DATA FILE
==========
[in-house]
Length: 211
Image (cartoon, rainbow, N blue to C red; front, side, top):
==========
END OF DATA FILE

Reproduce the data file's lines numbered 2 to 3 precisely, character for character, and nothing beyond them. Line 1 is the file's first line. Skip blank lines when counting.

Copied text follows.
Length: 211
Image (cartoon, rainbow, N blue to C red; front, side, top):